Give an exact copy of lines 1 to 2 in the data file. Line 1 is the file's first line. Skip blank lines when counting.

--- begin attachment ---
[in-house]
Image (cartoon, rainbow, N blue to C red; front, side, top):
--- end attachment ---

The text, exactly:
[in-house]
Image (cartoon, rainbow, N blue to C red; front, side, top):